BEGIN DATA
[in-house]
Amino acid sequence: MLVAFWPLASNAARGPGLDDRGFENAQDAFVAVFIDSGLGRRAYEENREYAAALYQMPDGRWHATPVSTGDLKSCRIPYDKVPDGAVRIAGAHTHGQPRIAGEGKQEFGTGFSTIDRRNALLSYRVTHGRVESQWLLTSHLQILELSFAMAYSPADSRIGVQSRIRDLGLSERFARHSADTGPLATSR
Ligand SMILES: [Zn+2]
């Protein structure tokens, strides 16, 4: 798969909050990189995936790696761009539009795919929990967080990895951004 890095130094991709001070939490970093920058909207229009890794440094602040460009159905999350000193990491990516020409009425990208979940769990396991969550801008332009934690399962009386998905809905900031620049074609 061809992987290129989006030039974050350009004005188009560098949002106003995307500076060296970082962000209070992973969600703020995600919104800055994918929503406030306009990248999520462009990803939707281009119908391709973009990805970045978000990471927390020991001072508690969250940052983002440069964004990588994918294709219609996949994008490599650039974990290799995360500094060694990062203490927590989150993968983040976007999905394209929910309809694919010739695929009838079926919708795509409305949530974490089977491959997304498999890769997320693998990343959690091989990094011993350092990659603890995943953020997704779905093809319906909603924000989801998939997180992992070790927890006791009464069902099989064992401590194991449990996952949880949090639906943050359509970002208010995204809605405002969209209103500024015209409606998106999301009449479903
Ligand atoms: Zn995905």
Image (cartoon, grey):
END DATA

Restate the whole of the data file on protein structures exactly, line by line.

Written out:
[in-house]
Amino acid sequence: MLVAFWPLASNAARGPGLDDRGFENAQDAFVAVFIDSGLGRRAYEENREYAAALYQMPDGRWHATPVSTGDLKSCRIPYDKVPDGAVRIAGAHTHGQPRIAGEGKQEFGTGFSTIDRRNALLSYRVTHGRVESQWLLTSHLQILELSFAMAYSPADSRIGVQSRIRDLGLSERFARHSADTGPLATSR
Ligand SMILES: [Zn+2]
């Protein structure tokens, strides 16, 4: 798969909050990189995936790696761009539009795919929990967080990895951004 890095130094991709001070939490970093920058909207229009890794440094602040460009159905999350000193990491990516020409009425990208979940769990396991969550801008332009934690399962009386998905809905900031620049074609 061809992987290129989006030039974050350009004005188009560098949002106003995307500076060296970082962000209070992973969600703020995600919104800055994918929503406030306009990248999520462009990803939707281009119908391709973009990805970045978000990471927390020991001072508690969250940052983002440069964004990588994918294709219609996949994008490599650039974990290799995360500094060694990062203490927590989150993968983040976007999905394209929910309809694919010739695929009838079926919708795509409305949530974490089977491959997304498999890769997320693998990343959690091989990094011993350092990659603890995943953020997704779905093809319906909603924000989801998939997180992992070790927890006791009464069902099989064992401590194991449990996952949880949090639906943050359509970002208010995204809605405002969209209103500024015209409606998106999301009449479903
Ligand atoms: Zn995905």
Image (cartoon, grey):